Thursday, 2 July 2020

Theosophy and the Trikaya 3 (Nirmanakaya, Sambhogakaya, Dharmakaya)



Blavatsky devotes a significant amount of space to an esoteric explanation of the mystical Buddhsit doctrine of the Trikaya, mainly in The Voice of the Silence,  the Mystery of the Buddha section from The Secret Doctrine Vol. 3, and The Theosophical Glossary. She presents it from a perrenialist perspective, explaining that the doctrine of the Trinity is an esoteric one, and can be found in many spiritual traditions (see Isis Unveiled 2, ch. 5) and the Trikaya is related to this doctrine. Moreover, following Ernest J. Eitel (Handbook of Chinese Buddhism p. 180), she posits a holistic concept of the Trikaya, showing how it is inter-related with other Buddhist ternary concepts. Blavatsky aims to give a distinctive explanation of the Nirmanakaya concept, trying to clarify the different explanations that exist in the various Buddhist schools. Below is a chart adapted from a chart by Eitel (p. 180) and some passages mainly from The Theosophical Glossary :
The three bodies are (1) the Nirmânakâya (Tul-pa’i-Ku in Tibetan), in which the Bodhisattva after entering by the six Pâramitâs [generosity, virtue, patience, vigor, meditation & wisdom] the Path to Nirvâna, appears to men in order to teach them; (2) Sambhogakâya (Dzog-pa’i-Ku), the body of bliss impervious to all physical sensations, received by one who has fulfilled the three conditions of moral perfection; and (3) Dharmakâya (in Tibetan, Cho-Ku), the Nirvânic body (Blavatsky, H. P. The Mystery of Buddha. The Secret Doctrine, Volume 3, London, Theosophical Publishing House, 1897, p. 379; (Collected Writings, Vol. 14, pp. 388-399) 392).

Triratna
Dharma
Sangha
Buddha
Three statues
Amitâbha
Avalokiteshvara
Maitreya Buddha

Dhyani Buddha
Dhyani Bodhisattva
Manuchi Buddha
Trikaya
Dharmakaya
Sambhogakaya
Nirmanakaya

Essential Bodhi
Reflected Bodhi
Practical Bodhi

4th Buddhakchetra
3rd Buddhakchetra
2nd & 1st Buddhakchetra
Trailokya
Arupadhatu
Rupadhatu
Kamadhatu

Trikâya (Sk) Lit., three bodies, or forms. This is a most abstruse teaching which, however, once understood, explains the mystery of every triad or trinity, and is a true key to every three-fold metaphysical symbol. In its most simple and comprehensive form it is found in the human Entity in its triple division into spirit, soul, and body, and in the universe, regarded pantheistically, as a unity composed of a Deific, purely spiritual Principle, Supernal Beings—its direct rays — and Humanity. The origin of this is found in the teachings of the pre historic Wisdom Religion, or Esoteric Philosophy. The grand Pantheistic ideal, of the unknown and unknowable Essence being transformed first into subjective, and then into objective matter, is at the root of all these triads and triplets. Thus we find in philosophical Northern Buddhism (1) Âdi-Buddha (or Primordial Universal Wisdom) ; ( 2) the Dhyâni-Buddhas (or Bodhisattvas); (3) the Mânushi (Human) Buddhas. In European conceptions we find the same: God, Angels and Humanity symbolized theologically by the God-Man. The Brahmanical Trimûrti and also the three-fold body of Shiva, in Shaivism, have both been conceived on the same basis, if not altogether running on the lines of Esoteric teachings. Hence, no wonder if one finds this conception of the triple body—or the vestures of Nirmânakâya, Sambhogakâya and Dharmakâya, the grandest of the doctrines of Esoteric Philosophy— accepted in a more or less disfigured form by every religious sect, and explained quite incorrectly by the Orientalists.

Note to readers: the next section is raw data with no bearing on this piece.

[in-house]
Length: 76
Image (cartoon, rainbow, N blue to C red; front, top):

Thus, in its general application, the three-fold body symbolizes Buddha’s statue, his teachings and his stûpas ; in the priestly conceptions it applies to the Buddhist profession of faith called the Triratna, which is the formula of taking “refuge in Buddha, Dharma, and Sangha”. Popular fancy makes Buddha ubiquitous, placing him thereby on a par with an anthropomorphic god, and lowering him to the level of a tribal deity; and, as a result, it falls into flat contradictions, as in Tibet and China. Thus the exoteric doctrine seems to teach that while in his Nirmâ kâya body (which passed through 100,000 kotis of transformations on earth), he, Buddha, is at the same time a Lochana (a heavenly Dhyâni-Bodhisattva), in his Sambhogakâya “robe of absolute completeness”, and in Dhyâna, or a state which must cut him off from the world and all its connections; and finally and lastly he is, besides being a Nirmânakâya and a Sambhogakâya, also a Dharmakâya “of absolute purity”, a Vairotchana or Dhyâni-Buddha in full Nirvâna! (See Eitel’s Sanskrit-Chinese Dictionary.) This is the jumble of contradictions, impossible to reconcile, which is given out by missionaries and certain Orientalists as the philosophical dogmas of Northern Buddhism. If not an intentional confusion of a philosophy dreaded by the upholders of a religion based on inextricable contradictions and guarded